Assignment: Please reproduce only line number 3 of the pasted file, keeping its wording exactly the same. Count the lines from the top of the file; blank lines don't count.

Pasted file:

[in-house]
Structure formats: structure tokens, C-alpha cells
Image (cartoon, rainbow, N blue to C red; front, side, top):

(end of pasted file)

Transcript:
Image (cartoon, rainbow, N blue to C red; front, side, top):